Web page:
New Immunotherapy Could Be on the Horizon for Ovarian Cancer

By Steve Blanchard - November 10, 2022

Researchers are getting closer to unraveling the mystery of why the presence of tertiary lymphoid structures, or TLS, at tumor beds predicts better outcome and superior responses to anti-cancer immunotherapy.

The organized clusters of immune cells have long been suspected of participating in the anti-tumor immune response, but the reason behind that has eluded scientists.

A recent study conducted at Moffitt Cancer Center and presented at The Society for Immunotherapy of Cancer’s (SITC) 37th Annual Meeting & Pre-Conference takes a closer look at TLS and their impact on tumors and usefulness with immunotherapy.

According to Dr. Jose Conejo-Garcia, senior member in Moffitt’s Department of Immunology, the study aimed to define some of the elusive mechanisms of immune protection governed by TLS in human ovarian cancer. The authors first confirmed previous observations that the presence of TLS in ovarian cancer is associated with better outcomes. They then identified antibodies with strong anti-tumor activity that are spontaneously produced in these structures.

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"There’s an association with better overall survival among other mechanisms because TLS produces antibodies that limit tumor activities."

- Dr. Jose Conejo-Garcia, Department of Immunology

“There’s an association with better overall survival among other mechanisms because TLS produces antibodies that limit tumor activities,” Conejo-Garcia said. “So, we can clone these and better understand what these structures are and perhaps use these antibodies as anti-cancer agents.”

TLS arise in the context of chronic inflammation, such as cancer or autoimmune conditions. Studying these structures through cloning techniques can also clone the antibody produced by the cells, providing better analytics of how it responds to treatment.

Conejo-Garcia said that just because ovarian cancer tumors are used in the study doesn’t mean that information discovered can’t translate to the treatment of other cancers in the future. Bladder cancer, head and neck cancers, melanoma, sarcoma and kidney cancer could benefit from the research.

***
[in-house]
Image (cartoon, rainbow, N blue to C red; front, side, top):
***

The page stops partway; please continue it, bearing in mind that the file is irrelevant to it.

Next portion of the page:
“Through this, eventually immunotherapies that elicit concurrent T cell and antibody responses will improve and will translate to the most frequent and aggressive human cancers,” he said.

That’s because the presence of TLS has been associated with better responses to immune checkpoint inhibitors in renal cancer, melanoma and sarcoma, among other diseases, according to Conejo-Garcia.

“There may be other mechanisms we didn’t address in the study,” Conejo-Garcia said. “But we can lay out the antibodies produced in multiple patients and clone them.”

Those cloned cells could then be used for therapy purposes.

And that, Conejo-Garcia said, is the take home message.

Learning how TLS are associated with better outcomes will influence advancements in immunotherapy for patients with different types of cancer.

“This is a very hot topic right now because everyone keeps seeing that TLS are associated with protection, but we don’t fully understand why,” he said. “This study provides some clarity and, through that, a better rationale to foster coordinated responses driven by both arms of the adaptive immune response: T cells and B cells, while the field has been narrowly focused on the former. That’s important for improving clinical results.”

For more details on the study, click here.

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